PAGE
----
The overall Official Development Assistance/Aid delivered to developing countries as a percentage of Gross National Income of the selected countries and Multilateral Organizations. Net flow covers loans, grants, and grant-like flows minus amortization on loans. Military flows are excluded. Developing countries are designated by Development Assistance Committee (DACE) as developing. The minimum set by the UN resolution 2626 is 0.70% of Gross National Income
Report Points to Increasing Hunger
Published Thursday, June 4th, 2009
According to a United Nations report, hunger in South Asia has reached levels not seen in 40 years as prices of food and fuel have risen and the global economy slows. The UN Children’s Fund (UNICEF) states that 100 million more people are going hungry compared to two years ago. The areas most affected are Nepal, Bangladesh and Pakistan, all of which are seeing upheavals and conflict. The World Bank states that three quarters of the population or 1.2 billion live on $2 a day and nearly 400 million (including children) are chronically hungry. Factors for the rising numbers include declining wages at home, a drop in monies sent home from abroad, and high prices that force people to borrow money at high interest. Children are being pulled out of school and sent to work; income is being spent on food but not on other essentials; and women are forgoing food for families.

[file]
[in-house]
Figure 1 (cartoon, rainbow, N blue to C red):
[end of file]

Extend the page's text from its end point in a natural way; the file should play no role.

The report suggests that the two biggest countries, India and Pakistan, reduce their defense budgets to allow for an increase in social spending, plus the use of fiscal stimulus programs. Foreign aid is also mentioned as a remedy. Big spenders like Norway and the Netherlands have decreased foreign aid funds, yet after several years of decline, the United States has increased its foreign aid in 2008. The FY 2010 budget promises a further increase in foreign aid and assistance.
Foreign Aid Does Not Meet Agreed Minimum
Published Monday, January 12th, 2009
For many years, the United States has cut back its aid; furthermore when given, it has tied its aid to foreign policy objectives. Many countries that give aid have similar provisions. Moreover, many countries consider “trade, not aid” to help developing countries, which allows them to reduce aid promised to the country in need and to the United Nations. In fact, many of the rich nations have consistently failed to meet the minimum of 0.70% of Gross National Income set by the United Nations Resolution 2626 in October 1970.
The payoffs for aid, especially for education, can be numerous. For example, overall national health can improve with education about HIV/AIDS and immunization. Malnutrition can be greatly lessened as agriculture education, especially for women, improves growth and delivery of local produce. Individual income can increase 10% for every year of schooling, thus the investment can improve the labor market and reduce the need for child labor. All in all aid can improve the growth of a developing country in multiple different sectors of development simultaneously.
Aid given by the US, in terms of percentage of GNP, has almost always been one of the lowest of industrialized nations, though since 2000, the dollar amount has been the highest. Yet, in percentage of Gross National Income the US has given 0.69% to overall aid, the top giver is the Norway at 0.95% of GNI.
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